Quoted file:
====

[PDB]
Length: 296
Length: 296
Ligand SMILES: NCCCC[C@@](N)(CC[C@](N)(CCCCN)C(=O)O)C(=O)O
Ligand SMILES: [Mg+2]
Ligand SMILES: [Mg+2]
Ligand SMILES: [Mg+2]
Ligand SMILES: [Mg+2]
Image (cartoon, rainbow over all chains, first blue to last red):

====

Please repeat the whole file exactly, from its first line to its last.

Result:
[PDB]
Length: 296
Length: 296
Ligand SMILES: NCCCC[C@@](N)(CC[C@](N)(CCCCN)C(=O)O)C(=O)O
Ligand SMILES: [Mg+2]
Ligand SMILES: [Mg+2]
Ligand SMILES: [Mg+2]
Ligand SMILES: [Mg+2]
Image (cartoon, rainbow over all chains, first blue to last red):